With David Higgins not competing for reasons unbeknownst to anyone, rallycross driver Bucky Lasek was given the helm of a two year old SRT (Subaru Rally Team USA) WRX Sti to give it his best in his first ever stage rally. The weekend didn’t end well for he and his co-driver Craig Drew however, having to withdraw from the event after incurring severe damage to their car.
That left the event wide open for anyone to grab. Seasoned rally veterans like Lauchlin O’Sullivan and Peter Fetela, along with guys like local hero Brenten Kelley were now given the chance to fight it out for the top spot. Farther down the order, people like Ryan Millen, Jordan Guitar, and Michael Hooper were tasked with battling for the Regional and National classes in Two Wheel Drive and the Open Light classes.
As the first cars rolled through, their headlights and spotlights piercing through the falling night, their exhausts barking like gunfire, with the popping and snarling of anti-lag. The crowds energy increased. Every car that went through, was met with cheering and encouragement. As the night wore on, competitors slowly began to drop out. It’s a truly grueling task to drive your fastest. On the edge. Though tree lined, snow covered roads. These guys and gals are the toughest in any form of professional motorsport, and most of them don’t even get paid to do it.
Unlike most other forms of motorsport, rally isn’t as popular over here in the ‘States as it is over in Europe. There isn’t much money to be made doing it, if any at all. Most of the competitors pay for most of the expenses to compete out of pocket, with some small help from their sponsors. It takes an immense amount of commitment to rally over here. It has to consume all of your extra time and money. It can be extremely expensive not just to compete at the events, but to maintain the car as well.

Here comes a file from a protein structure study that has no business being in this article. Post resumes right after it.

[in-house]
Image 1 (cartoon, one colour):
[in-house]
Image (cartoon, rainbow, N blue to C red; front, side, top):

Rally is inherently destructive. Ninety nine percent of the roads that you will be competing on over here will be uneven, unpaved and littered with objects that like to eat tires. You are pushing your equipment to, and sometimes past it’s limits and when that happens, you have to try and carry on, no matter what. The teams are only allowed to service the cars during specific periods of time between loops of several stages. So, say that this loop is five stages long, and two stages in, you run slightly off course and puncture a tire and bend a tie rod. You and the co-driver are the only people that are permitted to work on the car. YOU. So, you either have to make the choice of not stopping and carrying on, at the risk of doing more damage to the car. OR, lose a lot of time to stop and fix the car. Back to the passion thing again.
After all of the cars passed through this first loop of stages, they had a quick service. Then were sent out again to attack the same stages again, this time in complete darkness. As the field streamed through again we began to take note of who had either dropped down the order due to problems, or had dropped out all together. When Lasek/Drew went through the first time, Bucky overshot the braking zone for the 90 degree left hand turn we were standing at, and plowed straight on into a snowbank. Luckily, they escaped without any major damage to the car. The second time through, we noticed they weren’t coming through anywhere near there were in the order before, much to Brad’s dismay.
Just as we, and the other spectators wishing him well on his first rally were about to give up hope. They came through, to roaring cheers and whistles from the crowd. Three cars before the end. With the passing through of the stage clearing crews, the spectators began the long trudge through knee deep snow back to their awaiting parked cars, and a warm nights rest.
The pair of O’Sullivan/Putnam led the field off on their second day of action and a long one at that. 11 stages and 58 miles separated the teams from the finish line. We began our day by setting up again, on the “Hunters-Agren” stage, which would be the second and fifth stages of the day.